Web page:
Hague and Kennedy trade insults as Lib Dems hope for by-election coup

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Indy Politics

William Hague was accused of being a "bogus leader" last night when the Tories and Liberal Democrats swapped bitter insults ahead of tomorrow's Romsey by-election.

In the most personalised exchanges between the two men to date, Charles Kennedy claimed Mr Hague's hardline policies on asylum and immigration and law and order were a desperate bid to win votes.

The Tory leader countered that the Liberal Democrats themselves were the real extremists of British politics, out of touch with the public on the euro, crime and refugees.

The exchanges came as the Liberals poured scores of party workers into Romsey to try to pull off a spectacular victory over the Tories tomorrow.

The Hampshire seat is rock-solid Conservative territory and the party is defending a majority of 8,585 won by the late Michael Colvin at the last general election.

But the Liberal Democrats claim their candidate, Sandra Gidley, has a strong chance of winning the seat in what would be a severe embarrassment to Mr Hague's leadership.

At a rally in Romsey last night, Mr Kennedy said Mr Hague had dragged his party to the right and was engaged in a desperate attempt to grab tabloid headlines to win votes. The Liberal Democrat leader accused his counterpart of pandering to racism with his policies to lock asylum-seekers in detention centres and his warning that the National Front would become more popular unless action was taken.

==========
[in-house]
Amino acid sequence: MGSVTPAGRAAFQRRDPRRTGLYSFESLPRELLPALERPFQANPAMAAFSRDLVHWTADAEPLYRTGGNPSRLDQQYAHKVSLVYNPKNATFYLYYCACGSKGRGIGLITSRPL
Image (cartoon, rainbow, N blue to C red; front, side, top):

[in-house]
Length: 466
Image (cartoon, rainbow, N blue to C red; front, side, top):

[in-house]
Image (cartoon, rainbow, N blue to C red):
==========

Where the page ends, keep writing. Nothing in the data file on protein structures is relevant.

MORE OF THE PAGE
"Pandering to prejudice is the only shot left in Mr Hague's locker. He is a desperate man and desperate men will do desperate things. But that doesn't mean they're right," he said. "He likes to throw the term bogus at those whom he dislikes. I call him bogus. A bogus leader of a bogus Opposition offering bogus solutions to bogus problems."

Mr Kennedy said that many "decent" Conservatives were appalled at Mr Hague's language and approach and alleged that the Tory leader would create an "illiberal, narrow, vengeful regime".

Mr Hague's attempts to propose changes to the law on self- defence in response to the Tony Martin case were a further example of political opportunism, he said.

Mr Hague retorted that Mr Kennedy was himself extreme by ignoring the everyday concerns of the public and leading "crackpot Liberals" to the fringes of the political debate.

The Tory leader said that the Conservatives were simply reflecting the feelings of the "great mainstream majority" of the British public and claimed his opponents were out of touch on Europe, crime and asylum.

"With their crackpot views and extremist policies, the Liberals are fast becoming a lone voice of insanity in British politics," Mr Hague said.

"The Liberal Democrats set themselves against the instincts of the British people. Soft on crime, soft on bogusasylum-seekers, committed to a federal Europe, they speak for no one, not even their own supporters."

Mr Kennedy was at the head of a motley coalition of left-wing pressure groups who insisted that the United Kingdom should become "an even softer touch" on asylum, he said.